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20 minutes after opening, the place is hopping.

The KCC Farmer’s Market is a lot like your local farmer’s market. If yours took cocaine and had a loading/unloading zone for buses. This farmer’s market is packed to the hilt with tourists. I don’t mind tourists who leave their resort and go off the beaten path to check out the local community. But these generally aren’t that type. These are knock you down with a $500 Hello Kitty purse, slap you in the face with their giant sun shielding hat, synchronize their watch with their bus operator so when time is up they can crawl back on the bus and check! head off to the next attraction tourists. irritating isn’t the word for it. However, without the tourists I bet the market couldn’t support not one but three locally grown honey booths, so I’ll cut them a little slack.

Chowing down in the car to avoid the tourists. I mean the rain.

Grace actually requested to go to the farmer’s market this morning for Gramma G’s sweet bread french toast and portuguese sausage. That girl loves portuguese sausage. So off we went, despite my deep seated desire not too. I even found a parking place right away! Yippeeee! We picked up some guava bread, some blush lettuce and a new orchid (to replace the one I’ve killed while watching my neighbors house). Then we snagged the french toast and grabbed a seat on the curb to grub up. And it started to sprinkle. Which freaked Grace out (I don’t know what she’s going to do in Washington) and she insisted we go to the car and eat. I was a little peeved, because I still wanted to look for a few things to send to friends on the mainland but once we were back in the quiet of the car I was glad we were done.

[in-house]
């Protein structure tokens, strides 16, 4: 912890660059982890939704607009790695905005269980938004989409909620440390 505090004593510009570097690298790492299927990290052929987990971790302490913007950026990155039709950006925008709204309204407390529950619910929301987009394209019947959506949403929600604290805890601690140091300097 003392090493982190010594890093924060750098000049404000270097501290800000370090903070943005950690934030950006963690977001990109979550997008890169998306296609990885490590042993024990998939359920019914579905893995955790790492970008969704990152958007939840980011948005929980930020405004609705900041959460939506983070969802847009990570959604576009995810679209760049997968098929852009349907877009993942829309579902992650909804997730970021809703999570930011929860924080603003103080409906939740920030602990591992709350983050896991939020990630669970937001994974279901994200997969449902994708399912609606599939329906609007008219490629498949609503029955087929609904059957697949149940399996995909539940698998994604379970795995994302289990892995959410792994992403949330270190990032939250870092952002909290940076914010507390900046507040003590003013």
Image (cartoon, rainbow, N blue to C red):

Bectcha don’t have giant bags of soy beans where you live!

Despite the negative tone of this post, I encourage you to check out your local farmer’s market  this summer. It’s a great place to get to know your neighbors, find out what’s going on in your community and pick yourself up some produce you know wasn’t trucked or shipped in from lord knows where. It’s neat to actually meet the person who grew your food, plus they usually have good advice on good places to eat or how to cook that weird veggie the are selling.  CLICK HERE to find a market in your area. I promise you’ll like it!

Does this look like the sign of a mecca for tourists who pay $500 a night for a hotel room? You might think no, but you would be wrong.


Delicious breads made by the Mauna Kea Baking Company.

Grace picked out the tallest of the $8 orchids. That girl knows how to get the most bang for your buck!

Yes she does know how to use utensils. But as soon as I opened the box she reached in to snatch a piece of sausage.

Anthrium are always plentiful (and cheap) at the market and they last forever after they are cut.

Who can pass up blushing lettuce?

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